The Hague truly is a unique ecosystem and a hub of different approaches to peace and justice. So seeing how the international system works and being in that space is a real privilege. It helps us visualize where we are situated in the system and where we can build partnerships. I am very grateful for the opportunity.

What is the role of the Youth Ambassador to the Peace Palace? 

I think the answer to that question will evolve. The YCPP has only been awarded twice in the history of the Peace Palace, and I am the second recipient. So shaping the role of the Ambassador is an ongoing process that largely depends on the background and field of expertise of the winner. The positive aspect is that there is a lot of room for the recipient of the award to shape what they want out of this opportunity. For example, I specialize in peace and security, so my goal as Youth Ambassador for this two-year term was to:

  • Highlight the YPS Agenda and the inclusion of youth in peacebuilding- it means engaging with stakeholders in a way that emphasizes the equal stake that youth have to shape policies, which could have very different consequences for youth in the future if they are not involved in the discussions now.
  • It’s also about raising awareness about the work of the institutions inhabited within the Peace Palace- the ICJ, the PCA, the Peace Palace Library, and the Hague Academy of Int Law
  • But the Peace Palace is more than just the sum of its parts. It was built with a mission, to promote peace through law. So with the role of the Ambassador comes the responsibility to uphold the ideals of peace and justice, for which the Palace was built.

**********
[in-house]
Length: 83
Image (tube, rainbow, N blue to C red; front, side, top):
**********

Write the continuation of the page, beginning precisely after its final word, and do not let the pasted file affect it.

• The Ambassadorship is also uniquely positioned to network with institutions in the Hague, from courts of law to think tanks and NGOs, to look for opportunities for exchange or entryways for youth to participate in the fields of peace and justice.

Do you have any advice or tips for this year’s participants?

First of all, I encourage you to think about what ways you are contributing to civic engagement, and how it contributes to peace and education. Young people have a lot to offer but get discouraged because it can be difficult to find meaningful entryways into the fields of peace and security. My advice would be to take the initiative. Structural barriers are not going to change by themselves, but change is brought about with continued engagement- whether at the municipal or international level. The Carnegie Youth Peace Prize offers that bridge by highlighting the work that you do and are interested to do in the future. So take the opportunity and apply.

  • If you are between the ages of 18-29 and working in the field of peace and education, or in multidisciplinary intersections of these fields, you are encouraged to apply.
  • One of the qualities I think is important to make the most out of this Peace Prize is to recognize the link between the local and global, and how the work one does on the ground translates into the international realm and vice versa, and it is a continuous feedback process.
  • The prize is also meant to inspire young leaders to share their work and inspire others as well, so I encourage viewers to look at your contributions as a possible inspiration for others and apply.

You can be an individual peacebuilder or a representative participating on behalf of an organization. Participants have to be 18-29 years old and submit a 3-minute video showing how their initiative contributes to peace, and how it can inspire others to become active agents of positive change. The video can be in English, or any other language providing English subtitles, and has to be submitted before the deadline of 18 August. I wish you all the best for the Carnegie Youth Peace Prize 2023.